Neither Jorge Gaviño Ambriz, director general of the transportation system nor Diana Irene Fernández Pliego, head of the system’s administrative unit, agreed to comment for this story.
Clementina López, 60, bought a copy of the magazine from Uribe Mosqueda in early November. When López heard him talk about the magazine’s contents, she says she was interested in its information about the healthcare system.
In the days before she met Uribe Mosqueda, López says she had already heard another brigadier from the organization in one of the metro cars.
“But the police took him off,” she says. “So we couldn’t finish hearing what he was saying.”
López says vendors who do not bother or hurt anyone should be allowed to sell their product in the metro system.
“Why don’t they do that to the itinerant vendors who do hurt us more with the music, with the shouts?” she says, referring to the noise made by the people promoting music albums.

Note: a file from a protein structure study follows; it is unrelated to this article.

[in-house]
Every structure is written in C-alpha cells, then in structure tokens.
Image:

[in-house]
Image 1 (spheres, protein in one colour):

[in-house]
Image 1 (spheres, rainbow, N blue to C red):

Despertando a México’s provisional suspension remains in effect until judges determine whether to grant a permanent suspension, brigadiers say. It’s not clear when a decision will be made.
Roberto Josafat Campos Estrada, Despertando a México’s communications coordinator, says the group’s plan is to just wait, and continue boarding metro cars.
“The impact that we have is much greater, because in each car we leave two or three magazines, but 100 people hear us,” Soto García says.
Rishi Khalsa, GPJ, translated this article from Spanish.